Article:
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Xplor Report: Xerox's Shelley Sweeney Tells How to Grow Service Bureau Business

Press release from the issuing company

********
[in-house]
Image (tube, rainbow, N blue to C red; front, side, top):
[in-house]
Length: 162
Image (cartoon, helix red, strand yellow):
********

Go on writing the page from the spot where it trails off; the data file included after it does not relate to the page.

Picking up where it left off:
By Noel Ward, Executive Editor, On Demand Journal.com & Managing Editor, WhatTheyThink.com Trade Show Coverage Getting business--and keeping it--demands that transactional and direct mail service bureaus pay attention to market trends and look at what other players are doing, says Shelley Sweeney, vice president and general manager of Xerox's service bureau sector. In a special service bureau session Tuesday morning, Sweeney further recommended adopting a 7-step strategy, which we'll get to in a moment. Market Trends She noted the repositioning underway in the market with companies shifting from being print and mail "manufacturers" to communications providers. This shifts the focus of businesses from improving efficiency, quality and keeping customers happy to one of marketing, sales and developing partnerships with both customers and other service providers. This requires service bureaus to reassess skills and evaluate whether current capabilities match those in data, networking, security and more. And also determine what other expertise may be needed, such as graphic arts design skills and color management. "In addition," Sweeney noted, "companies using service bureaus now have a strong preference for a single service provider and is moving from looking for commodity print and mail services to higher value services that make better use of customer information to drive marketing and CRM applications." In addition, the market for outsourced services for transactional print and direct mail--and combinations of these--is growing. Through 2007, the combined forecast for facilities management, statement printing and other contracted print services is expected to grow at about 17% (CAGR), according to CAP Ventures. In 2003 alone, says the DMA, direct mail expenditures grew some 6.5 percent, and in the first quarter of 2004 direct mail volume increased 7.8 percent, according to Comperemedia. The confluence of these data and trends leads to the Seven Steps Sweeny encouraged the audience to follow to grow their business, keep the new work coming in the door, and better position themselves to survive in the future. Service bureaus are uniquely qualified to be the leaders in digital printing because of their knowledge of data handling and information management. But they still have to learn to better address customer needs and pay attention to what the market is doing and where it is going. Seven Steps Step1: Define your business. Position your offerings with your branding. It's important for your brand to define what you do. If you are more than print and mail, be sure to make that clear in all your marketing activities. Understand your strengths, especially those that deliver any unique skills or capabilities you can offer. Few service bureaus can offer everything a customer may need, so look for places you can partner with others to draw on each other's strengths. And "Walk the Walk," says Sweeney. Use the technology you sell in communicating with your own customers. Personalize direct mail. Add marketing messages to your own statements. Show what can be done. Step 2: Walk, Don't Run. Especially if you are new to using some of the techniques for, say, full-color variable data printing, start with simple jobs such as targeted, relevant post cards. Then move on as you gain experience. Begin with current clients first. You have (or should have!) a better knowledge of their needs and they already know you as a resource. As your knowledge and skills expand, offer your support to large direct mailers and look for ad agencies you can partner with to help them deliver more for their customers. Step 3: Find the Data. Customers may be unwilling to open their database to you. So build and use your own customer database to show them how you can leverage data for marketing applications. Then to reach them, offer to do some targeted marketing using information you have bought. If you do the work correctly they will see results and be more likely to open their databases to you to reap even stronger results. Step 4: Capitalize on the Web. According to a 2002 Interquest study, more than 60 percent of corporations are involved in some level of web-fulfillment activities. So learn how your clients are using the web. Help them build personalized web fulfillment programs, such as one that delivers personalized information to their customers based on data entered into a web site. You can even offer to maintain their web sites, or perhaps the interactive portion. These can be complex endeavors, but they have the benefit of locking you tightly to a customer, making it too complex and costly for them to go elsewhere. Plus, these are high-value programs that help change the nature of your business and help it evolve into the service bureau of the future. Step 5: Define your Markets. Look at most businesses these days and you find the most successful are increasingly specialized. This means looking at the vertical markets and industries you can serve most effectively and focus on delivering the services that are most meaningful to them. Sweeney recommends capturing details on a "lighthouse" account, track the results of what you do for them, and then work to repeat that success--and even do more. Keep raising the bar. Step 6: Know Your Client. You may already use consultative selling as a means of offering your clients more and better services, but you can probably go deeper. Research their industry. Learn all you can about your client and their competitors. Watch the trends and look for ways you can help your customer take advantage of them. But you also need to go further. Within your customer, who are the document owners? For example, what individuals and departments stand to benefit the most from a successful direct mail campaign? Those are the people you need to reach out to. Step 7: It's Not Business as Usual! You have to remember you are no longer selling print and mail services. Done correctly, you are selling a process for improving loyalty and retention, increasing response rates, and improving ROI and the bottom line. If you are on a path to transform your business you can no longer define your business as you have in the past. This relates back to the first step, so look for ways to move forward and do business as the company you plan to become. When you take all the steps Sweeney recommends, you stake out new territory. You redefine what you do and how your customers think about your company. Your business can become something entirely different and your competitors can be left wondering why they are not doing quite as well as they once did. "Successful print providers," says Sweeney, "are going to be utilizing CRM programs, selling the ROI of what they do, leveraging technology advances, and selling the value of documents to marketing departments and C-level decision makers." She closed with a quote from Dr. Joe Webb: "What will be needed are providers who see not only jobs, but strategies and areas of opportunity, from the customers’ point of view.” This was one excellent session, with lessons for virtually any print provider in these changing times. Coming next, a round-up of some software companies who have told me how happy they were with the show and a look at where Xplor goes next.